Return to Transcripts main page

CNN'S AMANPOUR

North Korea Ran Fifth Nuclear Test This Month; North Korea Moves Ahead with Missile Program; Trump and Clinton to Face Off in First Debate; Aleppo Bombarded, Ceasefire a Distant Memory

Aired September 26, 2016 - 14:00:00   ET

THIS IS A RUSH TRANSCRIPT. THIS COPY MAY NOT BE IN ITS FINAL FORM AND MAY BE UPDATED.


(OMMERCIAL BREAK)

[14:00:10] CHRISTIANE AMANPOUR, CNN HOST: Tonight, the annihilation of Aleppo rebel-held areas of the city pounded with shocking and relentless

wars. I speak to the U.N. special adviser on humanitarian affairs, Jan Egeland.

Plus, has the West taken its eyes off North Korea. It has just conducted its fifth nuclear test, and I'll speak to the former State Department

officials Joel Wit.

Good evening, everyone, and welcome to the program. I'm Christiane Amanpour in London.

The world awaits, not just the first dramatic debate between Clinton and Trump tonight, but what will the next president do about the most serious

foreign crisis today.

The savage war in Syria and the rise of North Korea, as a nuclear state. For sure, those haven't been issues on the campaign trail.

But Kim Jong-Un is moving full speed ahead with the North Korean missile program, and this month launched its fifth most powerful nuclear test. The

South Korean defense minister admitted that elite forces are on stand by to assassinate Kim if they detect a serious threat of a nuclear attack.

But how did it come to this? And who can diffuse this battle of wills. We'll talk to Korea expert Joel Wit. Key is North Korea's main ally China,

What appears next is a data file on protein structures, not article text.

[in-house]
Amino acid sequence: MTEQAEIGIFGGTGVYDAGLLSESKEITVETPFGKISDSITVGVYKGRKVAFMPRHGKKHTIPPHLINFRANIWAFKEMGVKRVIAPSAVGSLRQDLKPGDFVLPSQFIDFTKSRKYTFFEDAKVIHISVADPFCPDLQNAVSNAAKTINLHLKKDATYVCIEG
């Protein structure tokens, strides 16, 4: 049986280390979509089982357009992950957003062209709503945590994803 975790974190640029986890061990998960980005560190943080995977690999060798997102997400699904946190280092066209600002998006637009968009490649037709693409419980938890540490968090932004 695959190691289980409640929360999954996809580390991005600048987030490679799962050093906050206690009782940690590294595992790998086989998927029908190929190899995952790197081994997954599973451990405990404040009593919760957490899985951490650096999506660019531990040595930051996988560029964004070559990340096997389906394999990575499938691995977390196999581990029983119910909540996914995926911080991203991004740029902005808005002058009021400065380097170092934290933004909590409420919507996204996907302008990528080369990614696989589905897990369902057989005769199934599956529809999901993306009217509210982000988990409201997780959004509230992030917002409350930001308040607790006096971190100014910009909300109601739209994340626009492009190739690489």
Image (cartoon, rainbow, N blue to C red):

as our Matt Rivers reports from Beijing.

(BEGIN VIDEOTAPE)

MATT RIVERS, CNN CORRESPONDENT (voice-over): Two nuclear tests, nearly two dozen missile launches. It's been an aggressively ambitious year for Kim

Jong-Un and North Korea's growing nuclear program.

The latest test explosion registered at an estimated ten kilotons, and state media claimed the detonated warhead was small enough to place on a

ballistic missile. Though many experts doubt that claim, there's no denying that this test was the largest so far.

But any truly effective new multi-lateral sanctions would have to include China, North Korea's only ally and its largest trading partner by far.

In the border city of Dandong, CNN cameras captured truck after truck bringing goods from China into North Korea earlier this year. The

relationship accounts for nearly 70 percent of North Korea's total trade volume with China controlling the purse strings on necessities like food

and fuel.

Experts say that economic dominance is why China has more leverage than any other country over the Kim Jong-Un regime. Threatened to stem the flow of

trades goes the argument, and you could force Pyongyang to end its weapons program.

China signed on to previous rounds of sanctions and says it is rigorously enforcing bans on items of potential military use and luxury goods. But

critics have questioned how strictly China is actually doing that, trying to see for ourselves what was being shipped in Dandong, our cameras were

often met with men determined not to show us.